“Any film that doesn’t shock isn’t worth looking at,” Nick Zedd wrote in the Cinema of Trangression Manifesto. Are Zedd’s films still worth looking at, according to his own standard? Three decades after the heyday of no wave filmmaking, at a time when Jersey Shore and Bridalplasty are taken seriously, does the “cinema of transgression” still transgress?
Let’s say Zedd’s films still shock. Is his thesis correct? This is a larger question, beyond the scope of this review, but how you answer it will predict, to a great degree, how much you enjoy this collection.
“Abnormal: The Sinema of Nick Zedd” is a DVD collection of twelve Zedd films, made between 1980 and 2001. They Eat Scum, his most famous film, is not included. The films feature, among other things, pornography, surgical procedures, simulated strangulation, simulated necrophilia, simulated suicide, vomiting, menstruation, abrasive music and thermonuclear war. All of the films have low production values, and most are silent; the soundtrack is either a musical track, a medley of songs or narration of some kind.
The films are obscene in the most literal sense of the word. They are also difficult to watch. Explicit sex and simulated violence are in many of the films. One features a sex scene between a woman and a full-body burn victim, followed by credits superimposed over a close-up of eye surgery. The DVD’s first film ends with a young boy disappearing into a giant woman’s vagina. Even the “g-rated” films aren’t easy viewing: The Wild World of Lydia Lunch fits the dictionary definition of irony, as the wildest thing that happens is a dog running through a field.
“Obscenity is a very difficult question to discuss honestly,” Orwell wrote. “People are too frightened either of seeming to be shocked or of seeming not to be shocked, to be able to define the relationship between art and morals.” We can’t quite say that today; today, the very idea that there is a relationship between “art and morals” is almost shocking in itself. To the elite, the point of art is to appear to challenge their values without actually doing so––or, more correctly, to challenge somebody else’s values while affirming their own.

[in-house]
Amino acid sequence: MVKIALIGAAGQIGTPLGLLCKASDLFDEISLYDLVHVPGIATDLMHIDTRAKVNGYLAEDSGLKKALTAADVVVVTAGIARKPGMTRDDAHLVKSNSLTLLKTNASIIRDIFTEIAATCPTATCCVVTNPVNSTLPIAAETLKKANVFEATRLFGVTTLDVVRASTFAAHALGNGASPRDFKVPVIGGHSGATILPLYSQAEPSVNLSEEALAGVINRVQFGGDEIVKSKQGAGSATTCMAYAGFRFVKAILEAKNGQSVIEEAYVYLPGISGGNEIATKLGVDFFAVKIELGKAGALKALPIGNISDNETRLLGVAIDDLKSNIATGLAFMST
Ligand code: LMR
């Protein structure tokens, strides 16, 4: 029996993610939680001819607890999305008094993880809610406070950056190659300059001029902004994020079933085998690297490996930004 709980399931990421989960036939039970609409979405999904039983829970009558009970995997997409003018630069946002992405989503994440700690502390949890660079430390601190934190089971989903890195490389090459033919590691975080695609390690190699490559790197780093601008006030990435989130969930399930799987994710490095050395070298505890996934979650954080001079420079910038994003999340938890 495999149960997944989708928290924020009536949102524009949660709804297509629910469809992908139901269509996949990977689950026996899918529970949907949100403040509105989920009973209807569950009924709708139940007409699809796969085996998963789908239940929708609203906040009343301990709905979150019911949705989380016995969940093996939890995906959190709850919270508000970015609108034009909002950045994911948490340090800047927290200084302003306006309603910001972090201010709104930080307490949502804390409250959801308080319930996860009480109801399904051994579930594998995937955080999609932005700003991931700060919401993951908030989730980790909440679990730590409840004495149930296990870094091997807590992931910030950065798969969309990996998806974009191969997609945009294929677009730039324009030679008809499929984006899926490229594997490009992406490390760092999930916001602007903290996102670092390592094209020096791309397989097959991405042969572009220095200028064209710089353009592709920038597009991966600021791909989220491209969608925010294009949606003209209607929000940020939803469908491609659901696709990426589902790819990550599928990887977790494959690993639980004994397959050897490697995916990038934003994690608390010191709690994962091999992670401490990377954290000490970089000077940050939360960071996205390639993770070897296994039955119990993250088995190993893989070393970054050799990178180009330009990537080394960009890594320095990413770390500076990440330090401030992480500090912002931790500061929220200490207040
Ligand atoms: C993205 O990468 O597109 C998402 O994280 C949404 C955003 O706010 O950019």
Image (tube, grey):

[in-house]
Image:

The paradox, of course, is that the very people these films shock are the ones least likely to see them. Those who seek them out seek them out because they like them, or because they fill some need best left unexplained. At best, a few souls will stumble upon a late-night showing of a Zedd or Kern or Buttgereit film on public access––but how likely is that, in an age where people can sue merely because they’ve been offended?
More than obscene, these films are short, rarely lasting more than 20 minutes. This is enough time to give a condensed, usually wordless narrative, or a filmed idea. Some of the films have no narrative at all, or a narrative that’s implied at best. The Wild World of Lydia Lunch includes a letter, tape-recorded by Lunch, detailing the financial and artistic woes of the letter-writer; as she narrates, we see her moping in her room and through the London streets. This film, though only 20 minutes, feels like a small eon; perhaps they play it on a loop in purgatory, to make the punishment seem longer.